Many men new to testosterone therapy may be curious about the differences between injecting in the morning, or later at night before bed.
Is there a best time to inject testosterone between morning and night? Are there any differences or benefits to choosing one over the other?
Of course, when you inject may depend on your personal dosage, concentration, and prescribed schedule if you’ve consulted with an endocrinologist.
Generally, there aren’t any noteworthy differences indicated between injecting in the morning or later at night. The optimal choice is going to be the one that ensures the highest rate of compliance.
Whether you choose to inject first thing in the morning, or before bed – you need to maintain a proper schedule. This could mean every Monday morning and every Thursday evening for those injecting every 3.5 days, twice a week.
We’ll get into the importance of maintaining dosages, why the time you inject does not matter, and the timeline of exogenous testosterone inside your body once injected.
Testosterone Levels and Timing Your Injections
While the specific ‘time’ of day doesn’t matter regarding testosterone injection, when you inject can depend upon the current levels of testosterone within your body. Your injections should be geared around this, as pre-determined by a healthcare professional.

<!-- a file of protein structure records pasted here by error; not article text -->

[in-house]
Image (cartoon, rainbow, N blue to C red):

What do we mean by this?
Ester Forms of Testosterone and Half-Life
It is first important to understand the testosterone half-life of the form (suspension) you’re using, and how long it remains active in the body.
If you’re on an Ester testosterone with a longer half-life like Cypionate, you don’t need to factor this in, and can simply choose your injection time based on what works best for you.
Most people on TRT will likely be using cypionate as it is a slower acting, injectable form.
Following intramuscular injections of testosterone cypionate, you get a sustained release in the bloodstream for a period of about 2 weeks. The half-life is around 8 days or a week. Usually, on a regimen like this, you’ll be injecting every week or every other week.
Some people choose to break their weekly dosage up (say, 150 mg) into divided doses.
The time of day does not matter, but you want to aim for consistency with respect to keeping the same timeframe.
Conversely, testosterone propionate is a much faster-acting form, with a half-life of around 2 days.
You do not get the same sort of sustained release with propionate that you do with cypionate. Typically, it is injected every third or fourth day – but this will also depend on your dosage regimen. Some people do ED (every day) or EOD (every other day).
Some individuals may also use a form like an enanthate – at an example of 120mg a week.
This could be split into multiple doses (2 x 60mg a week on two separate days) to provide a more consistent stream and less of the highs/lows (troughs) people can experience when T levels plummet back down towards the end of an injection.
This would also mean on a schedule of 3.5 days, you inject Monday morning, and then Thursday night.